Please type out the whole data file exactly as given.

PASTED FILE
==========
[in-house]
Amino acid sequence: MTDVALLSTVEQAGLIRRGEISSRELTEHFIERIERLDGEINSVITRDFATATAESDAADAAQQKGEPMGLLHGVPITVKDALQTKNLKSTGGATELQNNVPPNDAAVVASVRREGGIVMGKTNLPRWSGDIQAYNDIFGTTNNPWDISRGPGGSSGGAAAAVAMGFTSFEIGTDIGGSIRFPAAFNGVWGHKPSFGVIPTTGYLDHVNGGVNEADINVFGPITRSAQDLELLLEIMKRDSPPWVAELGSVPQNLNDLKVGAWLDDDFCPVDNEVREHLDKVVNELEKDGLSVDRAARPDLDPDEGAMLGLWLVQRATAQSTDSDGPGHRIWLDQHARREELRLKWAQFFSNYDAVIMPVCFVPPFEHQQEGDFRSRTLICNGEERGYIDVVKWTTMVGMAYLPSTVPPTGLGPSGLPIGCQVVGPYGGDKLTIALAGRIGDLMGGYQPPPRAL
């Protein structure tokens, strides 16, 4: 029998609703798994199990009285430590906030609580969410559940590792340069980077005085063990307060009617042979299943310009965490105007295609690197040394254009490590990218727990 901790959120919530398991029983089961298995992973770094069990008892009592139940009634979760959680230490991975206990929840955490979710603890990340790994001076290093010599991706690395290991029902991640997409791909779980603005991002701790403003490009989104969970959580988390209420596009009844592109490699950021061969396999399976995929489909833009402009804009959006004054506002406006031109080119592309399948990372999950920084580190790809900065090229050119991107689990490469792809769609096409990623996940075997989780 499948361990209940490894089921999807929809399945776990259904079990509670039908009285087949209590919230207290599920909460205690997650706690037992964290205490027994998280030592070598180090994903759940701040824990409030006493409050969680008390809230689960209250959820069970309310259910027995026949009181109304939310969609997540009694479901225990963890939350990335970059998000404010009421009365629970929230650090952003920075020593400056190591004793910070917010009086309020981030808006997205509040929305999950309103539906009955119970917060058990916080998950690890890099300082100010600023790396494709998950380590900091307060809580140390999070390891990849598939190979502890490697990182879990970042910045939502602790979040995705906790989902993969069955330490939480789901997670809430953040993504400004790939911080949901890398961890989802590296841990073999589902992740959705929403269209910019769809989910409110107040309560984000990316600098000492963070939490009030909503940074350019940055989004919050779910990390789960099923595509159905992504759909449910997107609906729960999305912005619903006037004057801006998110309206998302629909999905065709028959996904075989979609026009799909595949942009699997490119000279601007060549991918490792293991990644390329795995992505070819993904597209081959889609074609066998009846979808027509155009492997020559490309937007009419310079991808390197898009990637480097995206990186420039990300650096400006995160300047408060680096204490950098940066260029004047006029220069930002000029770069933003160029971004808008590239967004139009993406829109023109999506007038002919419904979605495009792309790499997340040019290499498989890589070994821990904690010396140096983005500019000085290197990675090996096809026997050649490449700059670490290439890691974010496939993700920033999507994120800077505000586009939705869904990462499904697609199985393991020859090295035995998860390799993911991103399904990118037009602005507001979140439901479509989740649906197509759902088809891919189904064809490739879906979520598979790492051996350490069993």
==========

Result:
[in-house]
Amino acid sequence: MTDVALLSTVEQAGLIRRGEISSRELTEHFIERIERLDGEINSVITRDFATATAESDAADAAQQKGEPMGLLHGVPITVKDALQTKNLKSTGGATELQNNVPPNDAAVVASVRREGGIVMGKTNLPRWSGDIQAYNDIFGTTNNPWDISRGPGGSSGGAAAAVAMGFTSFEIGTDIGGSIRFPAAFNGVWGHKPSFGVIPTTGYLDHVNGGVNEADINVFGPITRSAQDLELLLEIMKRDSPPWVAELGSVPQNLNDLKVGAWLDDDFCPVDNEVREHLDKVVNELEKDGLSVDRAARPDLDPDEGAMLGLWLVQRATAQSTDSDGPGHRIWLDQHARREELRLKWAQFFSNYDAVIMPVCFVPPFEHQQEGDFRSRTLICNGEERGYIDVVKWTTMVGMAYLPSTVPPTGLGPSGLPIGCQVVGPYGGDKLTIALAGRIGDLMGGYQPPPRAL
């Protein structure tokens, strides 16, 4: 029998609703798994199990009285430590906030609580969410559940590792340069980077005085063990307060009617042979299943310009965490105007295609690197040394254009490590990218727990 901790959120919530398991029983089961298995992973770094069990008892009592139940009634979760959680230490991975206990929840955490979710603890990340790994001076290093010599991706690395290991029902991640997409791909779980603005991002701790403003490009989104969970959580988390209420596009009844592109490699950021061969396999399976995929489909833009402009804009959006004054506002406006031109080119592309399948990372999950920084580190790809900065090229050119991107689990490469792809769609096409990623996940075997989780 499948361990209940490894089921999807929809399945776990259904079990509670039908009285087949209590919230207290599920909460205690997650706690037992964290205490027994998280030592070598180090994903759940701040824990409030006493409050969680008390809230689960209250959820069970309310259910027995026949009181109304939310969609997540009694479901225990963890939350990335970059998000404010009421009365629970929230650090952003920075020593400056190591004793910070917010009086309020981030808006997205509040929305999950309103539906009955119970917060058990916080998950690890890099300082100010600023790396494709998950380590900091307060809580140390999070390891990849598939190979502890490697990182879990970042910045939502602790979040995705906790989902993969069955330490939480789901997670809430953040993504400004790939911080949901890398961890989802590296841990073999589902992740959705929403269209910019769809989910409110107040309560984000990316600098000492963070939490009030909503940074350019940055989004919050779910990390789960099923595509159905992504759909449910997107609906729960999305912005619903006037004057801006998110309206998302629909999905065709028959996904075989979609026009799909595949942009699997490119000279601007060549991918490792293991990644390329795995992505070819993904597209081959889609074609066998009846979808027509155009492997020559490309937007009419310079991808390197898009990637480097995206990186420039990300650096400006995160300047408060680096204490950098940066260029004047006029220069930002000029770069933003160029971004808008590239967004139009993406829109023109999506007038002919419904979605495009792309790499997340040019290499498989890589070994821990904690010396140096983005500019000085290197990675090996096809026997050649490449700059670490290439890691974010496939993700920033999507994120800077505000586009939705869904990462499904697609199985393991020859090295035995998860390799993911991103399904990118037009602005507001979140439901479509989740649906197509759902088809891919189904064809490739879906979520598979790492051996350490069993």